He CAN Say “No” Now
Fortunately, while Hayate’s character development has been extremely slow, he has been gradually learning to take charge of his own life and to actually make decisions for himself – and for his own sake rather than that of anyone else. This is a positive change from him in my opinion and we can see this prominently when he actually outright rejects a confession from Makise Konoha. To add to this, he has also learned to be a lot less vague with his actions and words when he makes it clear to Ayumu , who asked him directly about meeting with Konoha , that he rejected her.

Hayate’s Past
Now that we’ve established that Hayate isn’t such a nice guy even if he apparently IS a nice guy, let’s try to figure out why? What probably goes on in the head of our cross-dressing combat butler?

Hayate’s past might be known only to a few characters within the manga, but it’s always been pretty much an open book to us.  We know that Hayate has extremely abusive parents who not only trained him in all sorts of illegal activities, but also sold him off to the mafia for his organs in order to pay off the debt that they probably ran up through gambling and poorly-planned get-rich quick schemes.




His brother was the one family member whom he seemed to look up to, but Ikusa just had too much of an archer complex and wanted to spread himself really thin and save THE WOOORLD!

His one refuge 10 years ago from the current date of the manga was meeting with Athena and becoming her butler/live-in boytoy  (they were six and Athena is an extremely mature six year-old, remember that!) inside of the Royal Garden. It was at the lowest point of Hayate’s young life when his father had just betrayed him that he met his first love, Athena. Being at a rather impressionable age, Hayate naturally took to whatever piece of advice Athena had to give him and this was when his rather ill-conceived notions of love began to take form – when Athena taught him “the pain of  love:” that you do not deserve to have a girlfriend unless you have enough money to take care of her for the rest of her life.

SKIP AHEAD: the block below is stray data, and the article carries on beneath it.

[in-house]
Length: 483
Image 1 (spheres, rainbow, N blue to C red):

Athena’s Roadblocks of Love
In my opinion, this triggered two psychological roadblocks to romance within Hayate’s mind – and which has been a huge barrier between him and Nagi (and with every other prospect except Athena, but who cares about these other prospects? Not I, my friend. Not I.) 

1.       He believes that he is not worthy of any girl since he is (was) nothing more than a debt-ridden butler. The complete opposite of someone who has “enough money to take care of a girl for the rest of her life.”  Currently, Hayate seems to have grown out of this attitude a bit, but not quite completely, I would say.
2.       He has become extremely attached to money. This can also be attributed to him living in scarcity for practically all of his life – but I’m betting that Athena’s initial conditioning when he was a child has a lot to do with this as well. This is apparent in the way he wants to protect Nagi’s inheritance at all costs and how he sees money as the thing that had been protecting Nagi all her life. This definitely hasn’t changed as you can see right now in the current chapters how he values protecting Nagi’s inheritance when she had just inadvertently confessed her truest feelings to him through her manga. If he does not give justice to Nagi’s feelings, then Hayate would be the worst character ever in his own manga – but I do have faith in Hata and his unobtrusive style of developing his characters.